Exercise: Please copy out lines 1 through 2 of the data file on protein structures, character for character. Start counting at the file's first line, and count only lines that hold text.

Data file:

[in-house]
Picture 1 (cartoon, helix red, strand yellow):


[in-house]
Picture 1 (cartoon, helix red, strand yellow):